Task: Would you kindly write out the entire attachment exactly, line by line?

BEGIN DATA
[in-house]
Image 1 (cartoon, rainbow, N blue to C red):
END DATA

[in-house]
Image 1 (cartoon, rainbow, N blue to C red):